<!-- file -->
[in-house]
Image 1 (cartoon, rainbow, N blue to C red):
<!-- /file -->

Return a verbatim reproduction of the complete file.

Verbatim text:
[in-house]
Image 1 (cartoon, rainbow, N blue to C red):